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In shear force in a rectangular bar,the relevant area is the cross sectional area parallel to the applied force.But in torsion which also undergo shearing we get shear stress from torsion equation.I like to know if we get a shear stress due to torsion in a rod,relevant area should be the cross section of the rod or is it irrelevant because rather than cross section its polar moment of area that influence shearing?

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  • $\begingroup$ or is it the outer surface area? $\endgroup$ – Navaneeth Jan 11 at 5:31
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Relevant area while applying torsional moment will one which is perpendicular to Moment direction. Shearing action will happen between surfaces which are perpendicular to the direction of the moment. Even though the polar moment of the area appears in the equation saying that area is irrelevant doesn't make sense because it's the polar moment of that cross-sectional area where shear action is happening.

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The terms shear stress and torsion stress are synonymous when it comes to stress due to torque versus stress due to shearing force. The torsion or shear stress in a circular member is given by

$$τ=\frac{Tr}{J}$$

Where $T$ is the applied torque, $r$ is the radius and $J$ is the polar moment of inertia. The equation applies to a solid circular shaft or a thick walled shaft where the wall thickness $t$ is given by $t>0.1r$.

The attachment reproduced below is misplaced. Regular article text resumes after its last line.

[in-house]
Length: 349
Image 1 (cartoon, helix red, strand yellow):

The cross sectional area is taken into account by the polar moment of inertia. The polar moment of inertia of a solid shaft is given by

$$J=\frac{πa^4}{2}$$

Where $a$ is the radius.

For a circular disc, it is given by

$$J=\frac{π(a^4-b^4)}{2}$$

Where $a$ is the outside radius of the disc and $b$ the inside radius.

You can see that the cross sectional material area of the disc is less than the solid circular area, and therefore the torsional stress due to torque on the disc is greater than the solid circle as you would expect. The same would apply if you apply the same shearing force to a rectangular bar of less cross sectional area.

Hope this helps.

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